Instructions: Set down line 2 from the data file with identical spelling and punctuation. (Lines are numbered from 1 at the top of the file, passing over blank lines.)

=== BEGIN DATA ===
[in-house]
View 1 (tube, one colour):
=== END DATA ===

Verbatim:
View 1 (tube, one colour):